**Engineering
Mathematics and Computer Algebra**

T.J. Fairclough,

Department of Electrical and Electronic Engineering,

Institut Teknologi Brunei.

**Abstract.**

Computer
Algebra software packages for microcomputers provide an opportunity to extend
the range and complexity of the material normally offered in traditional
Engineering Mathematics courses. This
article reviews the typical capabilities of Computer Algebra systems and
discusses some of their uses in the
teaching of Engineering Mathematics.

**1. Introduction**

The
development of Computer Algebra systems began in the 1960’s on large mainframe
computers, they were used mainly by research scientists to simplify
calculations in general relativity, celestial mechanics and quantum mechanics. These systems were able to manipulate
symbols as well as numbers and made it possible for digital computers to carry
out the algorithms of algebra as readily as those of arithmetic.

An
outstanding example of the successful application of symbolic techniques to a
problem in algebra occurred in 1970 when
scientists at the Boeing Scientific Research laboratories in Seattle
reproduced, in about twenty hours of computer time, Delauney’s immense
calculation of the motion of the moon around the earth under the perturbing
influence of the sun’s gravitational field.
These calculations had originally been carried out by hand over a
twenty-year period, starting in 1847, by the French astronomer Charles
Delauney. His original results had been
published in two volumes and remained unchallenged for more than a hundred
years. The computer discovered one major
error in volume II of Delauney’s work which gave rise to two consequent minor
errors. Delauney’s corrected
calculation can now be used to test new computer algebra systems for accuracy
and speed.

During
the 1970’s and early 1980’s the availability of computer algebra systems
remained largely restricted to those users having access to mainframes but some
progress was made on systems developed specifically for personal computers. On mainframe systems the program Macsyma was
developed at M.I.T. from 1969 onwards and in the late 1970’s the less powerful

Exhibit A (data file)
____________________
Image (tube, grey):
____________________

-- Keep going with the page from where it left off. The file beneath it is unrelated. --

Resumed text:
program muMATH (succeeded by Derive) became available for microcomputers. In the 1980’s along with the widespread
availability of personal computers came a wide range of new computer algebra
packages and today such systems as Derive, Maple, Reduce, Mathematica and the
microcomputer version of Macsyma are
potentially as much a part of the Engineer’s mathematical toolkit as an
electronic calculator.

The
existence of computer algebra packages has implications for the teaching of
courses in Engineering Mathematics, however, just as a numerical calculator is
no use to a person not understanding the difference between multiplication and
division, a computer algebra system still requires the user to understand the
meaning of the processes the system carries out i.e. factorisation,
differentiation, integration, Fourier and Laplace transforms, Taylor series
etc. In this respect it is still necessary to teach appropriate mathematical
methods but the use of a computer algebra package makes it easier to get the
right answer and makes it feasible for the student to tackle more complex
problems.

At
Institut Teknologi Brunei students in Electrical and Electronic Engineering are
introduced to a computer algebra package in the first semester of Engineering
Mathematics and they continue its use in subsequent semesters. The package is treated as a ‘mathematical
assistant’ and is a useful tool for enhancing the student’s mathematical scope.

**2. What Computer Algebra Can Do.**

Computer
algebra systems are not only useful for sophisticated calculations but may also